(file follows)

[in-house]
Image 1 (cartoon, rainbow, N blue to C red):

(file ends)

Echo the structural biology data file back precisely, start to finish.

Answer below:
[in-house]
Image 1 (cartoon, rainbow, N blue to C red):